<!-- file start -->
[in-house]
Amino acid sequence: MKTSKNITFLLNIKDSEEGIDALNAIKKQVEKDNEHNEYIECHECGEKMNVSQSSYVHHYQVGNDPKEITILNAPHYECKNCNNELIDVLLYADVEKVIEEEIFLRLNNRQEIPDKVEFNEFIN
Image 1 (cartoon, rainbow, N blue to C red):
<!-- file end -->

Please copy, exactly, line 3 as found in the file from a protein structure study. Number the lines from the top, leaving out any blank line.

Image 1 (cartoon, rainbow, N blue to C red):